@dimitrovskif thanks, I will try that. Another question regarding "layout animations". I got one value, which I want to animate and then interpolate this value to the properties top, left, width, height and opacity. Would this be possible right now and result into better performance? Because at the moment the performance is completely crap on Android (even with dev false).

ms88privat commented May 29, 2016

@dimitrovskif thanks, I will try that. Another question regarding "layout animations". I got one value, which I want to animate and then interpolate this value to the properties top, left, width, height and opacity. Would this be possible right now and result into better performance? Because at the moment the performance is completely crap on Android (even with dev false).

zebulgar added a commit to nightingale/react-native that referenced this pull request Jun 18, 2016

Execute Animated.js declarative animation on UIThread on Android.
Summary:This is the first from the series of PRs I'm going to be sending shorty that would let Animated.js animations to run off the JS thread (for Android only).

This PR introduce a new native module that will be used for offloading animations - NativeAnimatedModule. It has a simple API that allows for animated nodes management via methods like: create/drop animated node, connect/disconnect nodes, start animation of a value node, attach/detach animated from a native view.

Similarly to how we handle UIManager view hierarchy updates we create a queue of animated graph operations that are then executed on the UI thread. This isolates us from problems that may be caused by concurrent updates of animated graph while UI thread is "executing" the animation.

The most important class NativeAnimatedNodesManager.java implements a management interface for animated nodes graph as well as implements a graph traversal algorithm that is run for each animation frame. For each animation frame we visit animated nodes th
Closes facebook#6466

Differential Revision: D3092739

Pulled By: astreet

fb-gh-sync-id: 665b49900b7367c91a93b9d8864f78fb90bb36ba
shipit-source-id: 665b49900b7367c91a93b9d8864f78fb90bb36ba
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nschurmann Jun 23, 2016

@dimitrovskif hello!, could you provide an example of the package that you need to create?, my implementation fails silently:

package com.polygonsmash;

import com.facebook.react.ReactPackage;
import com.facebook.react.bridge.JavaScriptModule;
import com.facebook.react.bridge.NativeModule;
import com.facebook.react.bridge.ReactApplicationContext;
import com.facebook.react.uimanager.ViewManager;
import com.facebook.react.animated.NativeAnimatedModule;

import java.util.ArrayList;
import java.util.Collections;
import java.util.List;

/**
 * Created by nicolas on 6/23/16.
 */
class NativeAnimation implements ReactPackage {

    @Override
    public List<Class<? extends JavaScriptModule>> createJSModules() {
        return Collections.emptyList();
    }

    @Override
    public List<ViewManager> createViewManagers(ReactApplicationContext reactContext) {
        return Collections.emptyList();
    }

    @Override
    public List<NativeModule> createNativeModules(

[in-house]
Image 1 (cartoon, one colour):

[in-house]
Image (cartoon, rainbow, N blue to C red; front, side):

ReactApplicationContext reactContext) {
        List<NativeModule> modules = new ArrayList<>();

        modules.add(new NativeAnimatedModule(reactContext));

        return modules;
    }
}
package com.polygonsmash;

import com.facebook.react.ReactActivity;
import com.facebook.reactnative.androidsdk.FBSDKPackage;
import com.facebook.react.ReactPackage;
import com.facebook.react.shell.MainReactPackage;

import android.content.Intent;     // <--- import
import android.os.Bundle;

import com.facebook.CallbackManager;
import com.facebook.FacebookSdk;
import com.facebook.reactnative.androidsdk.FBSDKPackage;

import com.polygonsmash.NativeAnimation;

import java.util.Arrays;
import java.util.List;

public class MainActivity extends ReactActivity {
    CallbackManager mCallbackManager;
    /**
     * Returns the name of the main component registered from JavaScript.
     * This is used to schedule rendering of the component.
     */
    @Override
    protected String getMainComponentName() {
        return "polygonsmash";
    }

    /**
     * Returns whether dev mode should be enabled.
     * This enables e.g. the dev menu.
     */
    @Override
    protected boolean getUseDeveloperSupport() {
        return BuildConfig.DEBUG;
    }

    /**
     * A list of packages used by the app. If the app uses additional views
     * or modules besides the default ones, add more packages here.
     */
    @Override
    protected List<ReactPackage> getPackages() {
        mCallbackManager = new CallbackManager.Factory().create();
        ReactPackage packages[] = new ReactPackage[]{
                new MainReactPackage(),
                new NativeAnimation(),
                new FBSDKPackage(mCallbackManager),
        };
        return Arrays.<ReactPackage>asList(packages);
    }

    @Override
    public void onActivityResult(int requestCode, int resultCode, Intent data) {
        super.onActivityResult(requestCode, resultCode, data);
        mCallbackManager.onActivityResult(requestCode, resultCode, data);
    }
}
animate() {
    Animated.parallel([
      Animated.spring(this.bounceValue, {
        toValue: 1,
        friction: 3,
        useNativeDriver: true, // <-- doesn't affect performance
      }),
      Animated.timing(this.pan, { 
        duration: 1500,
        easing: Easing.inOut(Easing.linear),
        toValue: -200,
        useNativeDriver: true, // <-- stops the execution of everything without throwing any error
      })
      ,
      Animated.timing(this.fadeAnim, {
        duration: 1500,
        easing: Easing.inOut(Easing.linear),